With the right Photoshop know-how and studio shoot experience, you can merge fact and fiction into a reality that lives up to your imagination. Renee Robyn has made a career of turning everyday photos from her travels into eye-catching images. Robyn will teach you how to add people and other elements to your existing landscape photos using ethereal custom effects.

Join us for “Creating Your Reality with Composite Photography” and you’ll learn:

  • How to choose or set up a shoot for your background image
  • How to direct posing during a shoot, and work with directional light in studio to make your subject fit into the background image
  • How to composite your subject into your image using Photoshop

Photo compositing allows you to breathe interesting ideas into your photos. Open your hard drive, walk into your memory, and turn past experiences into fantastic new realities.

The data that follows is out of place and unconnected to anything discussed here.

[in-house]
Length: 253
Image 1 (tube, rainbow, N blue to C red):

1Class Introduction
2Why You Should Sketch Your Composite
3What to Look for in Your Background
4Posing Your Model
5Communicate with Your Team
6Elements of Compositing
7Learning from Failure & Criticism
8On-Location Safety Tips
9How to Nail the Right Perspective for Your Composite Photo
10Gauging Light & Exposure On-Location
11On-Location Posing
12Cliff Shoot Location Final Thoughts
13Tips for Culling Images
14Culling Images Q&A
15Preparing Your Image for Composite
16Composite Image Cleanup
17Adding Background Image to Composite
18The Difference Between Flow & Opacity
19Composite Sky Elements
20Using Curves to Color Match
21Adding Atmospheric Depth to Image
22Using Color Efex Pro to Manipulate Color
23Using the Liquify Tool
24Color Theory & Monitor Calibration
25Adding Smoke Layer to Image
26Selective Sharpening
27Crop Your Image
28Goal Setting for Digital Artists